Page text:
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NDSC Industrial Park, LLC (“NDSC”) appealed a district court order dismissing its “Consent Decree Order Motion.” In the late 1990s, the United States and the State of Colorado each filed complaints against Colorado & Eastern Railroad Company (“C & E”) under CERCLA. These complaints sought reimbursement of response costs associated “with the release or threatened release of hazardous substances at the Sand Creek Industrial Site located in Commerce City and Denver, Colorado.” In an effort to avoid protracted litigation, the parties entered into a partial consent decree (the “Consent Decree”) on April 13, 1999. Pursuant to the Consent Decree, C & E agreed to sell two parcels of land, the OU3/6 Property and the OU1/5 Property (collectively the “Properties”), and pay the net proceeds of the sales to the United States and Colorado. In 2002, the remediated OU1/5 and OU3/6 Properties were put up for auction by the United States pursuant to the Consent Decree. NDSC was the winning bidder. Prior to closing on the purchase of the Properties, NDSC was made aware that C & E had already conveyed its fee interest in a right-of-way. In 2014, NDSC filed suit in Colorado state court to quiet title to the railroad right-of-way against C & E, and other interested parties in the Properties. The district court dismissed the motion because NDSC lacked standing to enforce the terms of the consent decree. On appeal, NDSC claimed the district court erred in concluding it: (1) was attempting to enforce the consent decree, as opposed to seeking a limited declaration regarding the meaning of the consent decree; and (2) did not have standing to seek a declaration that a conveyance of property violated the terms of the consent decree. Finding no reversible error in the district court’s dismissal, the Tenth Circuit affirmed. View "United States v. Colorado & Eastern Railroad Co" on Justia Law

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The issue this case presented for the Tenth Circuit’s review centered on how, or even whether, an important-but-subtle and often confusing doctrine limiting federal-court jurisdiction should apply to a unique Colorado procedure for “nonjudicial” foreclosure of mortgages. Plaintiff Mary Mayotte was the debtor on a note held by U.S. Bank, NA. Wells Fargo serviced the loan for U.S. Bank. One allegation was that Plaintiff contacted Wells Fargo to modify her loan, that Wells Fargo told her she needed to miss three payments to secure a modification, and that she eventually took this advice. Rather than granting her a modification, however, Wells Fargo placed her in default. She further alleged the defendants fabricated documents, that their actions rendered her title unmarketable, that they had no ownership interest in her promissory note or property, that they have been unjustly enriched by accepting payments not due them, that they damaged her credit standing, and that they violated the Real Estate Settlement Procedures Act, and the Fair Debt Collection Practices Act. The jurisdictional doctrine raised by this appeal was the Rooker-Feldman doctrine, which forbade lower federal courts from reviewing state-court civil judgments. Colorado Rule of Civil Procedure 120 requires creditors pursuing nonjudicial foreclosure to first obtain a ruling by a Colorado trial court that there is a reasonable probability that a default exists. The Tenth Circuit determined it did not need to decide whether the Rooker-Feldman doctrine barred a federal court challenge to a Rule 120 proceeding or ruling: the federal-court suit here was not barred because none of the claims (at least none pursued on appeal) challenged the Rule 120 proceedings or sought to set aside the Rule 120 ruling. The Court left that issue for the district court on remand to consider what effect, if any, the Rule 120 ruling may have had on this case under state-law doctrines of claim and issue preclusion. View "Mayotte v. U.S. Bank National Association" on Justia Law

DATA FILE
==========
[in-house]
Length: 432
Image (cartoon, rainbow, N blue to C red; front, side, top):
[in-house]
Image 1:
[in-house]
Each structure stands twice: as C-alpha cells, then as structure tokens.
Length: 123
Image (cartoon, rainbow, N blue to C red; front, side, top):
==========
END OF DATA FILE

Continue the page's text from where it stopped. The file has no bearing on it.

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The issue this case presented for the Tenth Circuit’s review centered on how, or even whether, an important-but-subtle and often confusing doctrine limiting federal-court jurisdiction should apply to a unique Colorado procedure for “nonjudicial” foreclosure of mortgages. Plaintiff Mary Mayotte was the debtor on a note held by U.S. Bank, NA. Wells Fargo serviced the loan for U.S. Bank. One allegation was that Plaintiff contacted Wells Fargo to modify her loan, that Wells Fargo told her she needed to miss three payments to secure a modification, and that she eventually took this advice. Rather than granting her a modification, however, Wells Fargo placed her in default. She further alleged the defendants fabricated documents, that their actions rendered her title unmarketable, that they had no ownership interest in her promissory note or property, that they have been unjustly enriched by accepting payments not due them, that they damaged her credit standing, and that they violated the Real Estate Settlement Procedures Act, and the Fair Debt Collection Practices Act. The jurisdictional doctrine raised by this appeal was the Rooker-Feldman doctrine, which forbade lower federal courts from reviewing state-court civil judgments. Colorado Rule of Civil Procedure 120 requires creditors pursuing nonjudicial foreclosure to first obtain a ruling by a Colorado trial court that there is a reasonable probability that a default exists. The Tenth Circuit determined it did not need to decide whether the Rooker-Feldman doctrine barred a federal court challenge to a Rule 120 proceeding or ruling: the federal-court suit here was not barred because none of the claims (at least none pursued on appeal) challenged the Rule 120 proceedings or sought to set aside the Rule 120 ruling. The Court left that issue for the district court on remand to consider what effect, if any, the Rule 120 ruling may have had on this case under state-law doctrines of claim and issue preclusion. View "Mayotte v. U.S. Bank National Association" on Justia Law